They have reason to be concerned. Queensland police saw their move-on powers increase in 2006. That year, a survey by the University of Queensland of 132 homeless people found that 76.5 per cent had been issued a move-on order at least once in the last six months. Some of the respondents stated that the same police officers 'chased' them throughout the day, moving them on from place to place.

In Western Australia move-on directions are used disproportionately against Indigenous Australians. A report (also from 2006) by the Indigenous Law Bulletin went as far as to state that while the law itself was not racist its application certainly was:

Western Australian ('WA') 'move on laws' are used by police as a mechanism for the social control of Aboriginal people. The laws are used to move individuals from well known public places in city areas where Aboriginal people congregate. The laws have become another example of discriminatory policing of an already over-policed Aboriginal population and are further contributing to the huge overrepresentation of Aboriginal people in the WA criminal justice system. 

The move-on orders often include the entire Perth CBD, and sometimes include the area where the person lives, essentially confining them to their own home unless they wish to risk arrest for violating the order. Some were arrested and given a criminal record without having committed a criminal offence.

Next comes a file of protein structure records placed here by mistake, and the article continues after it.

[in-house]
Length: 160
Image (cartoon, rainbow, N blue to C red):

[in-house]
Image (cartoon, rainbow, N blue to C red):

One woman, on her way to an appointment, was arrested for violating a move-on order not far from her home, just one minute before her order expired. Others were arrested five to 20 minutes after being moved on, as they waited for public transportation to take them out of the exclusion zone.

That people can be arrested without committing a crime is a worrying trend. It is also occurring in Queensland, where the controversial anti-association or 'anti-bikie' laws ban three or more members of an outlawed motorcycle club from meeting in public, for whatever reason. The January arrest of five Victorian men as they went out for ice-cream in Queensland led the now-Human Rights Commissioner Tim Wilson to declare that the laws were 'violating the human right of association', and to seek the laws' repeal.

While the Queensland Government maintains the laws target illegal clubs, critics, such as Gabriel Buckley, president of the Liberal Democrats, warn that they are 'so broadly written that they could be used against any group of people'.

NSW hasn't gotten off scott-free either. As part of his laws aimed at curbing alcohol-fuelled violence, Premier Barry O'Farrell (who, to his credit, has criticised the repeal of 18C) has just upped the fine for using offensive language in public from $150 to $500. So, while privileged Australians can now offend other people in print, us minions would do well to think twice before doing so in public.